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An instrumental is a recording normally without any vocals, although it might include some inarticulate , such as shouted in a setting. Through , a broader sense of the word may refer to instrumentals. The is primarily or exclusively produced using musical instruments. An instrumental can exist in , after it is written by a ; in the mind of the (especially in cases where the composer themselves will perform the piece, as in the case of a solo guitarist or a player); as a piece that is performed live by a single instrumentalist or a , which could range in components from a or trio to a large , or .

In a that is otherwise , a section that is not sung but which is played by instruments can be called an instrumental interlude, or, if it occurs at the beginning of the song, before the singer starts to sing, an instrumental introduction. If the instrumental section highlights the skill, musicality, and often the virtuosity of a particular performer (or group of performers), the section may be called a "solo" (e.g., the that is a key section of heavy metal music and songs). If the instruments are percussion instruments, the interlude can be called a percussion interlude or "percussion break". These interludes are a form of break in the song.


In popular music
In commercial , instrumental tracks are sometimes renderings, of a corresponding release that features vocals, but they may also be compositions originally conceived without vocals. One example of a genre in which both vocal/instrumental and solely instrumental songs are produced is blues. A band often uses mostly songs that have lyrics that are sung, but during the band's show, they may also perform instrumental songs which only include , , / and .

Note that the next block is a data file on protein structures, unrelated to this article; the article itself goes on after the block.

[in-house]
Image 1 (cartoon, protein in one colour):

Number-one instrumentals
USDecember 21, 1940
Song of the Volga BoatmenUSMarch 19, 1941
Piano Concerto in B FlatUSOctober 4, 1941
A String of PearlsUSFebruary 7, 1942
Moonlight CocktailUSFebruary 28, 1942
HeartachesUSMarch 15, 1947
Twelfth Street RagPee Wee HuntUSAugust 28, 1948
USMay 17, 1952
The Song from Moulin RougeUKAugust 14, 1953
Oh Mein PapaContains several vocal interjections of the title.UKJanuary 8, 1954
Let's Have Another PartyUKDecember 3, 1954
Cherry Pink (and Apple Blossom White)UKApril 29, 1955
Cherry Pink (and Apple Blossom White)USApril 30, 1955
Cherry Pink (and Apple Blossom White)UKMay 27, 1955
Cherry Pink (and Apple Blossom White)GermanyOctober 8, 1955
Autumn LeavesRoger WilliamsUSOctober 29, 1955
USFebruary 25, 1956
The Poor People of ParisUSMarch 17, 1956
The Poor People of ParisUKApril 13, 1956
Moonglow and Theme from PicnicUSJune 2, 1956
TequilaFeatures vocal interjections of the title at the end of each chorus.USMarch 17, 1958
PatriciaUSJuly 28, 1958
PatriciaGermanyOctober 18, 1958
Contains several Scottish-sounding grunts at the end of each chorus and immediately beforehand.Lord Rockingham's XIUKNovember 28, 1958
UKMarch 27, 1959
The Happy OrganDave "Baby" CortezUSMay 11, 1959
RouletteUKJune 19, 1959
Santo & JohnnyUSSeptember 21, 1959
Theme from A Summer PlaceUSFebruary 22, 1960
ApacheUKAugust 25, 1960
Wonderland by NightUSJanuary 9, 1961
CalcuttaUSFebruary 13, 1961
On the ReboundUKMay 18, 1961
Kon-TikiUKOctober 5, 1961
MexicoGermanyJanuary 27, 1962
UKMarch 22, 1962
B. Bumble and the StingersUKMay 17, 1962
Stranger on the ShoreUS/UK
Stranger on the Shore hit #1 on the end of year UK charts, but NOT the weekly UK charts. Despite this, it is the highest selling instrumental single worldwide and in the UK; in the US, this honor falls to 's Star Wars Theme/Cantina Band.
May 26, 1962
David RoseUSJuly 7, 1962
TelstarUKOctober 4, 1962
TelstarUSDecember 22, 1962
Dance On!UKJanuary 24, 1963
Diamonds and UKJanuary 31, 1963
TelstarFranceFebruary 9, 1963
UKMarch 29, 1963
Il SilenzioGermanyJuly 19, 1965
A Taste of HoneyUSNovember 27, 1965
Love is BlueUSFebruary 10, 1968
The Good, the Bad and the UglyUSJune 8, 1968
Grazing in the GrassUSJuly 20, 1968
The Good, the Bad and the Ugly, his Orchestra and ChorusUKNovember 13, 1968
AlbatrossUKJanuary 29, 1969
Love Theme from Romeo and JulietUSJune 28, 1969